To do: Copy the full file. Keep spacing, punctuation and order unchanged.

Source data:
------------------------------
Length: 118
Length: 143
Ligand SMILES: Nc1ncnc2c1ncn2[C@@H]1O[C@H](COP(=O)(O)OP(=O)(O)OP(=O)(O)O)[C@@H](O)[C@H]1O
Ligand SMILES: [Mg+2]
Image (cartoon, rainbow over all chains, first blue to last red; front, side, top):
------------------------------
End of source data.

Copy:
Length: 118
Length: 143
Ligand SMILES: Nc1ncnc2c1ncn2[C@@H]1O[C@H](COP(=O)(O)OP(=O)(O)OP(=O)(O)O)[C@@H](O)[C@H]1O
Ligand SMILES: [Mg+2]
Image (cartoon, rainbow over all chains, first blue to last red; front, side, top):